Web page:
In the Excellence in Research for Australia exercise undertaken by the Australian Research Council in 2010, 2012 and 2015, UNSW was the only university on each occasion to receive the highest possible ranking of 5 for the disciplinary group Film, Television and Digital Media. Our major concentrations of expertise include film and critical theory, American independent cinema, comedy, film performance, allegory in film, documentary, and a range of national and regional cinemas (South-East Asian, Australian, Russian, German, Iranian, French, and Italian).

Our researchers frequently publish in top international presses and journals and are highly successful in the annual Australian Research Council’s Discovery Grant scheme, with recent grants including Robert Frank: Experimentation Across Film and Photography in Post-War America; Film as Philosophy: What is Cinematic Thinking and William Faulkner Between Cinema and Literature.

Our scholars regularly present at key international conferences, and provide expert commentary across a number of fields (including DVD commentaries). Our vibrant research culture includes collaboration across staff, postgraduate and Honours students, and is manifest in a regular schedule of visiting speakers, research seminars, staff-led reading groups, workshops and symposia, as well as major conferences. We have also recently appointed two post-doctoral fellowships in Film and Theatre.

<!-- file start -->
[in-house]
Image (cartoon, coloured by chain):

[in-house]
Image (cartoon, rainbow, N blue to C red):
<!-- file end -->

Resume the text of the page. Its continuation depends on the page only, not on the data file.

Recent Publications by our Film Studies Staff

  • George Kouvaros, Awakening the Eye: Robert Frank’s American Cinema (University of Minnesota Press, 2015)
  • Jane Mills, Loving and Hating Hollywood: Reframing Global and Local Cinemas (Allen and Unwin, 2009)
  • Michelle Langford, Allegorical Images: Tableau, Time and Gesture in the Cinema of Werner Schroeter (Intellect Books, 2006)
  • Greg Dolgopolov, “The Petrov Affair: An ambivalent migrant narrative,” Studies in Australasian Cinema Vol. 5, No. 2 (2011)
  • Lisa Trahair, The Comedy of Philosophy: Sense and Nonsense in Early Cinematic Slapstick (SUNY, 2007)
  • Julian Murphet, Multimedia Modernism: Literature and the Anglo-American Avant-Garde (Cambridge UP, 2009)
  • Jodi Brooks, “Ghosting the Machine: The sounds of tap and the sounds of film,” Screen 44.4 (Winter 2003): 355-378. Awarded the Screen Award (UK) for Excellence in Screen Studies for 2002/2003.

UNSW Film Studies has an ongoing partnership with the Sydney Film Festival, involving visits, symposia and talks from a number of members of staff.

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